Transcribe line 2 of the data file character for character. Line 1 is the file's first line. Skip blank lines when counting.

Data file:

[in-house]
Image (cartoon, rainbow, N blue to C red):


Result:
Image (cartoon, rainbow, N blue to C red):